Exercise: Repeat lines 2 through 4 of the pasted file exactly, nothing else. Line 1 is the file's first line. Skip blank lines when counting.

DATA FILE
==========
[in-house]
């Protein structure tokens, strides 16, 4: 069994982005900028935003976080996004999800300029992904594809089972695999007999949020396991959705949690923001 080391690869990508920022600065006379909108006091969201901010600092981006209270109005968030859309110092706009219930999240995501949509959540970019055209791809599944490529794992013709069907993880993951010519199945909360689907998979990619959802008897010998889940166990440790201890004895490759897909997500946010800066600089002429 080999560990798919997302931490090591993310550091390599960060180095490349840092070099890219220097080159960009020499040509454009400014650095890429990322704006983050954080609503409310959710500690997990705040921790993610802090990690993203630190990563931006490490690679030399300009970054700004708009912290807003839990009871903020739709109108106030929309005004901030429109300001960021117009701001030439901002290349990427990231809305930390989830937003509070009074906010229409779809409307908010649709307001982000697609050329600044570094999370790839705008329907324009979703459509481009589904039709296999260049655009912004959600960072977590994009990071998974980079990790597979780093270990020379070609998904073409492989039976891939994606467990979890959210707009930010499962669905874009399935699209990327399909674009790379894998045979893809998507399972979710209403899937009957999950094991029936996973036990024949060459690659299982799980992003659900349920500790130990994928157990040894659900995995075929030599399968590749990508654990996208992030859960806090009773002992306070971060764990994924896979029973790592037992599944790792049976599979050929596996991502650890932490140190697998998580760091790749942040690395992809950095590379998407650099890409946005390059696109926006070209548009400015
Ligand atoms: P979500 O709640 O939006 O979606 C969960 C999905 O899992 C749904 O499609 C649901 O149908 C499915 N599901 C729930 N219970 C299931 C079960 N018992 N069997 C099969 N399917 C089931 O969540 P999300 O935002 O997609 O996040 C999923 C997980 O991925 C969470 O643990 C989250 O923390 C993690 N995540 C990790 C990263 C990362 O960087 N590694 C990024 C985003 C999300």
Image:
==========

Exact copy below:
């Protein structure tokens, strides 16, 4: 069994982005900028935003976080996004999800300029992904594809089972695999007999949020396991959705949690923001 080391690869990508920022600065006379909108006091969201901010600092981006209270109005968030859309110092706009219930999240995501949509959540970019055209791809599944490529794992013709069907993880993951010519199945909360689907998979990619959802008897010998889940166990440790201890004895490759897909997500946010800066600089002429 080999560990798919997302931490090591993310550091390599960060180095490349840092070099890219220097080159960009020499040509454009400014650095890429990322704006983050954080609503409310959710500690997990705040921790993610802090990690993203630190990563931006490490690679030399300009970054700004708009912290807003839990009871903020739709109108106030929309005004901030429109300001960021117009701001030439901002290349990427990231809305930390989830937003509070009074906010229409779809409307908010649709307001982000697609050329600044570094999370790839705008329907324009979703459509481009589904039709296999260049655009912004959600960072977590994009990071998974980079990790597979780093270990020379070609998904073409492989039976891939994606467990979890959210707009930010499962669905874009399935699209990327399909674009790379894998045979893809998507399972979710209403899937009957999950094991029936996973036990024949060459690659299982799980992003659900349920500790130990994928157990040894659900995995075929030599399968590749990508654990996208992030859960806090009773002992306070971060764990994924896979029973790592037992599944790792049976599979050929596996991502650890932490140190697998998580760091790749942040690395992809950095590379998407650099890409946005390059696109926006070209548009400015
Ligand atoms: P979500 O709640 O939006 O979606 C969960 C999905 O899992 C749904 O499609 C649901 O149908 C499915 N599901 C729930 N219970 C299931 C079960 N018992 N069997 C099969 N399917 C089931 O969540 P999300 O935002 O997609 O996040 C999923 C997980 O991925 C969470 O643990 C989250 O923390 C993690 N995540 C990790 C990263 C990362 O960087 N590694 C990024 C985003 C999300």
Image: